As elections into local government councils get underway in Lagos, some officials of the Lagos State Independent Electoral Commission (LASIEC) have blamed their late arrival to polling unts on the non-availability of card-readers.
The officials spoke with the News Agency of Nigeria (NAN) in Kosofe.
They said that they were forced to settle for manual checking of the voters so as to save time and ensure that no one was disenfranchised.
At Ward G, Polling unit 040\041, Ogudu Junior Grammar school, GRA, Ogudu, NAN observed that LASIEC officials arrived there at 9.20 a.m.
The APC Chairmanship candidate for Kosofe Local Government, Mr Moyosore Ogunlewe, will vote at that polling unit.
The Presiding Officer of Unit 041, Ward G, Mr Abiodun Bisayo, said that the delay was as a result of the endless wait for the card-reader.
“We left for the voting venue when we were told to use manual checks.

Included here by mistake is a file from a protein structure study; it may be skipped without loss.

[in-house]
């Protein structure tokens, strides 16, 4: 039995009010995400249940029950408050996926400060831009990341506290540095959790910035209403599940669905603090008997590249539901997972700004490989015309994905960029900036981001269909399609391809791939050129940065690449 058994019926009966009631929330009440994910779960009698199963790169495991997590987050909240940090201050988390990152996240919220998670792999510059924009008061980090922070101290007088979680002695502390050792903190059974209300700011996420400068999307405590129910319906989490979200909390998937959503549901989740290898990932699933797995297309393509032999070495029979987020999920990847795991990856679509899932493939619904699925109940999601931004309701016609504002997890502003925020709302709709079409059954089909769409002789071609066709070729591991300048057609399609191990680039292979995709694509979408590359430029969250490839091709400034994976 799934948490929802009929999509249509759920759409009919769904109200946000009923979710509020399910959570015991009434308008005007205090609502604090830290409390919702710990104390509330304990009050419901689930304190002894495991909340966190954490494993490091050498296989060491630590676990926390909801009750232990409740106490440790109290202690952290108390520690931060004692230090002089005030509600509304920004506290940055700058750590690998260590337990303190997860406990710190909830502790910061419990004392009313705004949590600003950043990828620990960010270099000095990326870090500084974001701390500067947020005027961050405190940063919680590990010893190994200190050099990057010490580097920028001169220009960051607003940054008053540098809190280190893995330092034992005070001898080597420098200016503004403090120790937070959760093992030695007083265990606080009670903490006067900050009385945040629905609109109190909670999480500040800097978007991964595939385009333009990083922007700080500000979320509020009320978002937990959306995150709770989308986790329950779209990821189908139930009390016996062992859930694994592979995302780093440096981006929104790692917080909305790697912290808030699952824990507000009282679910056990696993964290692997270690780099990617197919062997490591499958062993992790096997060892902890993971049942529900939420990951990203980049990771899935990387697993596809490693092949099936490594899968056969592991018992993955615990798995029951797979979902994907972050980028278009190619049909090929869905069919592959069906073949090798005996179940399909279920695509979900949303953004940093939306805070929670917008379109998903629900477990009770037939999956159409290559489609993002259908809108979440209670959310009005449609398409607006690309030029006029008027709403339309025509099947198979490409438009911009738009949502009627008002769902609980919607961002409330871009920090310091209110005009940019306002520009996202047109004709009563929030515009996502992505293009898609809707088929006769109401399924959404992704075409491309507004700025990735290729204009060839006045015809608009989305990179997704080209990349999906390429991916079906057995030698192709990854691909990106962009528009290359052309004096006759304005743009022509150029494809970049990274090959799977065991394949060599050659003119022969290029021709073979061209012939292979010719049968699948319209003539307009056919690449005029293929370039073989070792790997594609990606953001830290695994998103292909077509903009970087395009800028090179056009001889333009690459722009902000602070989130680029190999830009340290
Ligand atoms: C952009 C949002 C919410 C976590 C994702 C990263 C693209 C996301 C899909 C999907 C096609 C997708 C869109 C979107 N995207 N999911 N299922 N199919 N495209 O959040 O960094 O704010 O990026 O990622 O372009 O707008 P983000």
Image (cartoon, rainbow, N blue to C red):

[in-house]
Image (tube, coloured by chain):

“It is not our fault that we came late. LASIEC officers are responsible. We have all other materials, except the card readers,” he said.
His counterpart at Unit 040, Ms Jenipher Osayande, corroborated Bisayo’ claim.
“We have other materials for the elections, except the card reader.
“We are going to use manual identification devices as there is no card reader machine,” she said.
An Octogenarian, 83-year-old Madam Ebun Babatunde, told NAN that she got to the venue at about 5.30 a.m. from Ikorodu where she is resident.
She said she registered at Ogudu but relocated about two years ago, stressing that she left Ikorodu early in the morning due to restriction in movement.
Babatunde said she came to vote because it was her civic responsibility, calling on those to be voted for to represent the people and not their selfish interests.
She urged the voters to always vote for the best persons that would do well for the people.
“I have participated in all elections in Nigeria because I believe my vote will count.
“Even in the Bible, some people were elected. Election is Biblical. I am not happy that up now (8.45am), the election officials are not here.
“They told us to come on time. Now we are here and they are nowhere,” she fumed.
NAN reports that voting started at the units at 9.50 a.m. with less than 20 people around.